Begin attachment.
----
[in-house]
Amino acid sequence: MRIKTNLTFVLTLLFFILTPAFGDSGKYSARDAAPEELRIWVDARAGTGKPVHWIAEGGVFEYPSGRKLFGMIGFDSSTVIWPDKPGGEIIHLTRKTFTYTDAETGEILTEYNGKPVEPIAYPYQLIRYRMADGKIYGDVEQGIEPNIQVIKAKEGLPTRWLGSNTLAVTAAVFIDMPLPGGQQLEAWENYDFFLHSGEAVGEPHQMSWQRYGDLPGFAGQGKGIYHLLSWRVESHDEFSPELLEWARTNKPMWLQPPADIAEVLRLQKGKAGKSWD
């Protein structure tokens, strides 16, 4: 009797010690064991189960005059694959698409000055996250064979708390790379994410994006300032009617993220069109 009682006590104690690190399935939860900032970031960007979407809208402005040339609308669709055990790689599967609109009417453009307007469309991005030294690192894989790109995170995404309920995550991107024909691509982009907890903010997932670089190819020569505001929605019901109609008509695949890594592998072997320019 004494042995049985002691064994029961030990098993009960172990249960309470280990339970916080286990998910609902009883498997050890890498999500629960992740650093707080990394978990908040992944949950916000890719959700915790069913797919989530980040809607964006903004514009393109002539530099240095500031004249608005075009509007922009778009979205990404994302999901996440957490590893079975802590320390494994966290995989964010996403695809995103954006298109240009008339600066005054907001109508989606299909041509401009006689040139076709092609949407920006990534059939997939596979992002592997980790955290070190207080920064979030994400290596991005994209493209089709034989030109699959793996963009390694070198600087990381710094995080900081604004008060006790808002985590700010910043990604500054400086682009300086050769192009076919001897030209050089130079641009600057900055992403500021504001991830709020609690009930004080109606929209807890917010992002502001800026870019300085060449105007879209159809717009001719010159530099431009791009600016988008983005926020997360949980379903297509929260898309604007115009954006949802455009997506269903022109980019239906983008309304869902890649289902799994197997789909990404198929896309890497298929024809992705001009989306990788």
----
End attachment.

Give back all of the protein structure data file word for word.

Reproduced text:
[in-house]
Amino acid sequence: MRIKTNLTFVLTLLFFILTPAFGDSGKYSARDAAPEELRIWVDARAGTGKPVHWIAEGGVFEYPSGRKLFGMIGFDSSTVIWPDKPGGEIIHLTRKTFTYTDAETGEILTEYNGKPVEPIAYPYQLIRYRMADGKIYGDVEQGIEPNIQVIKAKEGLPTRWLGSNTLAVTAAVFIDMPLPGGQQLEAWENYDFFLHSGEAVGEPHQMSWQRYGDLPGFAGQGKGIYHLLSWRVESHDEFSPELLEWARTNKPMWLQPPADIAEVLRLQKGKAGKSWD
């Protein structure tokens, strides 16, 4: 009797010690064991189960005059694959698409000055996250064979708390790379994410994006300032009617993220069109 009682006590104690690190399935939860900032970031960007979407809208402005040339609308669709055990790689599967609109009417453009307007469309991005030294690192894989790109995170995404309920995550991107024909691509982009907890903010997932670089190819020569505001929605019901109609008509695949890594592998072997320019 004494042995049985002691064994029961030990098993009960172990249960309470280990339970916080286990998910609902009883498997050890890498999500629960992740650093707080990394978990908040992944949950916000890719959700915790069913797919989530980040809607964006903004514009393109002539530099240095500031004249608005075009509007922009778009979205990404994302999901996440957490590893079975802590320390494994966290995989964010996403695809995103954006298109240009008339600066005054907001109508989606299909041509401009006689040139076709092609949407920006990534059939997939596979992002592997980790955290070190207080920064979030994400290596991005994209493209089709034989030109699959793996963009390694070198600087990381710094995080900081604004008060006790808002985590700010910043990604500054400086682009300086050769192009076919001897030209050089130079641009600057900055992403500021504001991830709020609690009930004080109606929209807890917010992002502001800026870019300085060449105007879209159809717009001719010159530099431009791009600016988008983005926020997360949980379903297509929260898309604007115009954006949802455009997506269903022109980019239906983008309304869902890649289902799994197997789909990404198929896309890497298929024809992705001009989306990788």